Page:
Difficult then, difficult now: Rakhine State and COVID

Grants from the MCCT program enable families to meet the minimum needs of their children, despite consequences of the COVID-19 pandemic

Ye Mon
UNICEF Myanmar/2020/Kyaw Aung Sein
23 July 2020

Many people living in one of the poorest parts of Myanmar, Rakhine State, have long struggled to take care of their wellbeing and have their basic rights respected, within the challenging environment of complex and bitter armed conflicts. The consequences of the COVID-19 pandemic add to the widespread deprivation here.  

Daw Mya Than Aye, a mother of three, from Maungdaw Township shares, “For us, there has been no difference. Living was difficult then; living is difficult now. The challenges and poverty that people in other places are now suddenly facing due to the COVID pandemic are what we in Rakhine State have been forced to endure for a long time.”

Because of the armed conflicts, Maungdaw residents have been living with imposed curfews for months, before the lockdown.

“Our kids don’t go out to play and the adults haven’t been going around much either. As far as personal freedoms, this age of COVID is not so unusual for us here in Maungdaw. I suppose other people might be finding the confinement annoying,” assumes Daw Mya Than Aye. 

Ten years ago, Daw Mya Than Aye, now 33 years old, opened a teashop and soon after that she was experiencing the turmoil from violent conflicts in and around the township, which have continued over the years. For people like her, curfews and movement restrictions were already the reality of people in northern Rakhine state, now facing additional pandemic-related challenges imposed by the COVID-19 measures, making their difficult lives even more challenging and for her teashop to survive, let alone succeed.  

“We can’t open the shop as usual, only takeaways, no sit downs. So, the daily takings are down, from 15,000 Myanmar kyats (approx. US$10) to 5,000 Myanmar kyats (approx. US$3), just enough to feed my family,” reflects the disappointed businesswoman.

Daw Mya Than Aye’s husband works at the Myanmar Posts and Telecommunications earning a monthly salary of 340,000 Myanmar kyats (approx. US$240), so the family is managing, but just.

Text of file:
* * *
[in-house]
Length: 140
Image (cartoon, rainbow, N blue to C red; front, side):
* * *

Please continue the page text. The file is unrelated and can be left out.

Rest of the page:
Every three months Daw Mya Than Aye receives 45,000 Myanmar kyats (approx. USD30) from the Maternal and Child Cash Transfer (MCCT) programme that was initiated in Rakhine State in March 2017 and provides financial aid for pregnant women and women with children aged under-two years to improve the nutrition status of a child in first 1,000 days of life . Managed by the Department of Social Welfare, the MCCT programme operates in 17 townships around Rakhine State. With the teashop earnings down, Mya Than Aye is finding that she must use the MCCT aid supplement to pay for other house utilities.

“I know that this payment is for the children, so we usually kept that money separate and only touched it to buy things for them. But now we are having to use it to cover the household expenses,” she confides.

Grocery prices have gone up during this time of the virus outbreak and subsequent tumbling economies.

“Usually we eat fish three or four times a week, but these days, fish is more expensive than meat and now rice prices are up too, “says Mya Than Aye. “We can’t afford nutritional supplements for the baby, so I have been feeding him a mixture of rice and red lentils, along with breast milk. My two other children who are aged ten and three are eating vegetables and beans as the main part of their meals. I’m trying to ensure everyone is getting nourishment.”

As governments and individuals around the world are juggling health and wealth priorities and having to make tough decisions, this entrepreneurial mother is doing her bit to make ends meet and keep her family safe. The grant from the MCCT payments are enabling families like Mya Than Aye continue to meet the minimum needs of their children.